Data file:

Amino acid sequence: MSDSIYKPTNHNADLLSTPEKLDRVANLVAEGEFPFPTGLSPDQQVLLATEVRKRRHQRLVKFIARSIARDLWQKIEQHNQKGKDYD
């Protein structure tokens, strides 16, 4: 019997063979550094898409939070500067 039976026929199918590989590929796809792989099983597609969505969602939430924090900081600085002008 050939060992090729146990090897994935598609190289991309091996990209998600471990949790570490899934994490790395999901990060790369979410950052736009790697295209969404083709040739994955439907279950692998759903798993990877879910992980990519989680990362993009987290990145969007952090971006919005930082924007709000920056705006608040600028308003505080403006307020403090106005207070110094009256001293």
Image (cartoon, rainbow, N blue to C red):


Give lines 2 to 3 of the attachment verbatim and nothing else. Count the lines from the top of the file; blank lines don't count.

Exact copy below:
């Protein structure tokens, strides 16, 4: 019997063979550094898409939070500067 039976026929199918590989590929796809792989099983597609969505969602939430924090900081600085002008 050939060992090729146990090897994935598609190289991309091996990209998600471990949790570490899934994490790395999901990060790369979410950052736009790697295209969404083709040739994955439907279950692998759903798993990877879910992980990519989680990362993009987290990145969007952090971006919005930082924007709000920056705006608040600028308003505080403006307020403090106005207070110094009256001293």
Image (cartoon, rainbow, N blue to C red):